1 Principles topenlarge
Anatomical reduction of the articular fracture component and fixation with absolute stability is mandatory.
Lateral versus medial condylar fractures
The operative procedures for lateral condylar fractures (B1.1-type fractures) and medial condylar fractures (B1.2- and B1.3-type fractures) are comparable. A lateral condylar fracture treatment (B1.1-type fracture) is shown here.
Usually this fracture requires a buttress plate as simple screws may not hold the reduction as securely.
2 Reduction topenlarge
Indirect reduction may be attempted by external manipulation of the fractured fragment using clamps. The accuracy of reduction should be checked with an arthroscope if no arthrotomy is carried out. In cases where adequate closed reduction is not achieved the joint must be opened in order to carry out an anatomical reduction of the joint surface. This may also be necessary to repair the lateral meniscus which is often injured in association with these fractures.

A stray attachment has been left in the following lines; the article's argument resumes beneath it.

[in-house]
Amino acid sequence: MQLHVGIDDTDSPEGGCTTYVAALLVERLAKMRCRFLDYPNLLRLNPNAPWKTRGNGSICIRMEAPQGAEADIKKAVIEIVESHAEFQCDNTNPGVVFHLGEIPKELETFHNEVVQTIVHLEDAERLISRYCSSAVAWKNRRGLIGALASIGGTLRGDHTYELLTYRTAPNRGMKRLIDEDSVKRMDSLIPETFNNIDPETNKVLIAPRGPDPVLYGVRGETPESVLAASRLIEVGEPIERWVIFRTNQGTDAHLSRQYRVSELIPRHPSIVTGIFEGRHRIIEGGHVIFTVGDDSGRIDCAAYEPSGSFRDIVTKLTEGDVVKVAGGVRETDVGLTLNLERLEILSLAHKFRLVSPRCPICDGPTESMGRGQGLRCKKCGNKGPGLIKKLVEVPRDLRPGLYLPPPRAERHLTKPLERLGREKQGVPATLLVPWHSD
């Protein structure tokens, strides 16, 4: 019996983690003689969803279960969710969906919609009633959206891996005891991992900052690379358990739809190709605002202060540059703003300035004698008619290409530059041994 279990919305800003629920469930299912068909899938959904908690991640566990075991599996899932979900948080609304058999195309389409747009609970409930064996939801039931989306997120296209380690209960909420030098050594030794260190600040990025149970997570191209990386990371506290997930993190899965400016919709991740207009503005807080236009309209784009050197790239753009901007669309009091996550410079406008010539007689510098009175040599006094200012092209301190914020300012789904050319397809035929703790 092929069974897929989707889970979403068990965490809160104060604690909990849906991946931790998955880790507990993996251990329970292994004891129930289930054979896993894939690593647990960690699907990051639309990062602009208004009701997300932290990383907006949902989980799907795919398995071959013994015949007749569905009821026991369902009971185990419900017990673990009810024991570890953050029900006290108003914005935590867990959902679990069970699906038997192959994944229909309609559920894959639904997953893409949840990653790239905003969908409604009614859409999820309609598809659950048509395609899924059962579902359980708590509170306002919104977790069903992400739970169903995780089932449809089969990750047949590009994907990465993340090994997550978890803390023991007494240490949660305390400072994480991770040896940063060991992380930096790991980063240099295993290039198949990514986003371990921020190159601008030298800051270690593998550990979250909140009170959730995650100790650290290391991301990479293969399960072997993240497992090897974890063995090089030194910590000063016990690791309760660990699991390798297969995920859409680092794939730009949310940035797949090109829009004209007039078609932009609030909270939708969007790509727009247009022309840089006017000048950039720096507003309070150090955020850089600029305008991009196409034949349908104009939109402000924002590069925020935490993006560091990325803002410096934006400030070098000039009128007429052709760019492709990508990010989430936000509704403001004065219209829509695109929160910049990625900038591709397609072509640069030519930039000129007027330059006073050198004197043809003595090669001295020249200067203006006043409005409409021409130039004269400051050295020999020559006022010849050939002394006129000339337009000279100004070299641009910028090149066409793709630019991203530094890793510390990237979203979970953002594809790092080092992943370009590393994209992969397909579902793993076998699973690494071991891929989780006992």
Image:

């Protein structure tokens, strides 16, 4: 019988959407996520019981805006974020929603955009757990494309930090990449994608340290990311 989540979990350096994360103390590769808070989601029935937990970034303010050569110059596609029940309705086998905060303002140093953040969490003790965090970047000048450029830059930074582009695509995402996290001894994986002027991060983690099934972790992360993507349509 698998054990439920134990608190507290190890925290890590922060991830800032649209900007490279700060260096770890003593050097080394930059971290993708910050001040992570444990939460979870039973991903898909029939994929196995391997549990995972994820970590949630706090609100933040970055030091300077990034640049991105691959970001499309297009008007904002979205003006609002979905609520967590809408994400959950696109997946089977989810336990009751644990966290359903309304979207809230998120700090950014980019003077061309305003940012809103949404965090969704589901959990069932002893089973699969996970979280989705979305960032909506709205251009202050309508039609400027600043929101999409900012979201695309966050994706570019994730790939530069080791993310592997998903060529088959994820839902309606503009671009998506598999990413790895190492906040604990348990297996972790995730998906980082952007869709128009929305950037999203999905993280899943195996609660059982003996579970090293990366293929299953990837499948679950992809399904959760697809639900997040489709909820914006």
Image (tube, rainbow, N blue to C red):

Clinical image showing the clamp application.
3 Fixation topenlarge
Lag screw application
Once reduction of the joint fragment is obtained, two partially threaded cancellous bone screws are inserted to securely fix the fracture. In cases of good bone substance, stable fixation may be easy to obtain and no further implants are needed.
Click here for a detailed description of the lag screw technique.
The cortex in the lateral tibial head is thin. Therefore, the use of washers is advised.